You can tell that Hit & Miss is going to be a cut above from what it chooses to surprise you with. The central character, Mia, is a hired killer. She’s not the first female assassin we’ve seen on screen by a long shot, but this combination of gender and profession is still unusual enough that a more conventional series might tease you with the reveal. We’d see Mia touching up her lipstick first, say, and be allowed to coast with our preconceptions for a while before she stepped out of the car and shot her first victim. Here, it happens the other way around.
Mia isn’t an ordinary woman, though, as we discover when she strips for the shower just a little later. What’s inside her bra is what you might expect. What’s inside her pants is not: Mia has a penis. But this moment too is studiedly matter of fact. Hettie Macdonald frames the revelation as if we’ve noticed but the camera hasn’t – because it isn’t that big a deal. The real surprise, the one that makes Mia herself reel and blink back the tears is the discovery that she’s a father. Or a mother. Or some hybrid of the two that has yet to be worked out.
Along with her payment for that first clinical execution, Mia gets a forwarded letter from Wendy, a women she’d loved when she was still a man. Wendy is dying of cancer and the letter consigns her children to Mia’s care, including a young boy called Ryan, who is Mia’s biological son. And from that moment what Mia does to earn a living is peripheral to the charged drama of her domestic mission (which, crucially, is the kind of mission a lot of viewers are on too). It isn’t going to be easy. The family Mia finds living up on the moors above Manchester is as ramshackle as their smallholding. They are looked after by the aggressively defensive Riley, the oldest sister and a girl made furious by grief. She resents Mia’s intrusion and is determined to push her out again.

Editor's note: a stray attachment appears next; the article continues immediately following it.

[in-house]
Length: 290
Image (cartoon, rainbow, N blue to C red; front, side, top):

Paul Abbott and Sean Conway’s script is mostly terse and understated, with the occasional flash of romantic colour. One of the most poignant moments, when Ryan learns that Mia had never been told about his existence, is conveyed in just two syllables: “Why not?” he says, a line that is beautifully delivered by Jorden Bennie. Later, though, when Ryan shares with Mia his fear that things are going to change, she reassures him by explaining that without change we would never have butterflies, a line that trembles on the edge of mawkish.
Chloë Sevigny’s performance here may remind some older viewers of Stanley Baxter; there’s something about the combination of exaggerated femininity and dead-pan solemnity that recalls his essays in drag. But given the plot it works, and (having seen episode two) it’s an armour that’s going to peel open. What really charges the drama, though, is the uncertainty about what gender you might assign to Mia’s virtues and vices. When she savagely beats the local bully who’s called for the rent and teaches Ryan to box, is she substituting for a missing father or mother? And when she asks her handler whether the next target has any children, what has been woken in her – a paternal instinct or a maternal one?
There’s a sense that all gender relations have been twisted out of true – into exploitation or violence – and that only the love and security of a family, however odd it is, can put things right. It’s wonderfully unexpected and unpredictable and a debut commission in original drama that Sky Atlantic has every reason to be proud of.
Which is more than you can say for My Big Fat Fetish, a tawdry documentary about subscription websites catering for those with a penchant for obese women. Channel 4 should know better but simply couldn’t stop itself gawping.